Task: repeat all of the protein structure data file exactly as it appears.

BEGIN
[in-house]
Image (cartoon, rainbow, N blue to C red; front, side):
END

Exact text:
[in-house]
Image (cartoon, rainbow, N blue to C red; front, side):